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Suzanne Martinson: With oatmeal cookies, 'heart-check' needs a reality check

Sunday, August 06, 2000

Half asleep, I reached for the box of oatmeal. Not for me the instant stuff, which feels as if the life has been punched out of it. I grew up with horses -- I like to crunch like one.

Removing the lid, I spotted the American Heart Association "heart-check" seal of approval. This ticked me off, because I don't approve of supposedly objective health organizations selling their names to food companies. Cranky critic that I am, I'm in the definite minority. An AHA survey found that 88 percent of consumers find it "helpful" for the Heart Association to certify products and put its name on packages. In this case, it set the smiling Quaker back about $5,000.

For this, the Heart Association tells us that a serving of oatmeal has less than 20 mg of cholesterol (oats are a plant; only animal products contain cholesterol), less than 3 grams of fat (some granolas do have lots of fat) and at least 10 percent of the daily requirement for a nutrient (in oatmeal, it's iron and fiber).

The front of the box has a government-approved claim: "Three grams of soluble fiber from oatmeal daily, in a diet low in saturated fat and cholesterol, may reduce the risk of heart disease. This cereal has 2 grams per cup."

The operative words here are "in a diet low in saturated fat and cholesterol." This phrase alerts us that even oatmeal is no magic bullet, though we'd like to believe the contrary.

Once I'd flipped the top, a recipe for Vanishing Oatmeal Raisin Cookies caught my eye. It so happened that I needed something to take to a potluck for our church's youth group that very night. This recipe looked so simple that I figured I could easily make it before work.

Even better, there was an option for making bar cookies, which fit nicely into my schedule. While my dog was walking me, the cookies could bake. More and more, it was seeming as if, as Wilford Brimley tells us on the TV ad, baking oatmeal cookies was "the right thing to do."

My typical response to any "blondie" is to reach for the chocolate chips. This recipe, which has 3 cups of oatmeal, calls for 1 cup raisins. Though I'm not a raisin lover -- my mantra has always been that when something is small and black, it ought to be a chocolate chip -- I figured this one time, I'd go for the nutritious raisins. Besides, my raisins were golden.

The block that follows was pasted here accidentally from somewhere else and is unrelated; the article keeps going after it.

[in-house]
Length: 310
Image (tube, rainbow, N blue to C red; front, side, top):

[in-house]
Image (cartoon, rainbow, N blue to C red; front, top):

Raisins are an OK source of fiber, and 1 1/2 ounces is equivalent to a serving of fruit. (Unfortunately, to get that much, a person would have to eat a quarter of the cookies. Not bad, maybe, if you need calories for a cross-country bike trip.)

As Socks the Australian shepherd and I bounced around the circle, I started running ideas through my mind about, well, let's call it, garnishing the bars. They had looked kind of plain when I popped the pan in the oven. Gilding the lily, that's what I do best. Take, say, a carrot cake, which would not be quite as fat-laden without the cream cheese frosting. Not as delicious, either. I once went a little too far in the gilding, however, when I made a chocolate carrot cake.

Spontaneous baking requires a certain support system. For instance, the butter needed to be softened. No problem: 30 to 40 seconds in the microwave. The cookies went together quickly in my macho mixer, and I didn't even have to grease the pan.

Let's see, I could throw on a few edible flowers, if I were any kind of a gardener, which I'm not. I ended up with a sprinkling of butterscotch chips, which I added with about 5 minutes left in the cooking time. They didn't stick well. Fat-conscious eaters can simply shake them off. I feel a little guilty, but hey, the oatmeal-raisin combo just may be a cure-all, after all. Direct all questions to the Heart Association. Just kidding.

Vanishing Oatmeal Raisin Cookies

1 cup (2 sticks) margarine or butter, softened
1 cup firmly packed brown sugar (we used dark)
1/2 cup granulated sugar
2 eggs
1 teaspoon vanilla
1 1/2 cups all-purpose flour
1 teaspoon baking soda
1 teaspoon cinnamon
1/2 teaspoon salt (optional)
3 cups uncooked oatmeal
1 cup raisins

Heat oven to 350 degrees. Beat butter and sugars until creamy. Add eggs and vanilla; beat well. Add combined flour, baking soda, cinnamon and salt; mix well. Stir in oats and raisins (we used golden). Drop by rounded tablespoonfuls onto ungreased cookie sheet. Bake for 10 to 12 minutes or until golden brown. Cool 1 minute on cookie sheet; remove to wire rack. Makes about 4 dozen.

Bar cookies: Bake 30 to 35 minutes in ungreased 13-by-9-inch metal baking pan.

Nutritional content per cookie: 100 calories, 4 grams fat, 75 mg sodium, 1 gram dietary fiber.

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